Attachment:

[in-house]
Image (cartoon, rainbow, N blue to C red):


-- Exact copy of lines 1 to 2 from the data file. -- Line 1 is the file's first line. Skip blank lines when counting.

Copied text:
[in-house]
Image (cartoon, rainbow, N blue to C red):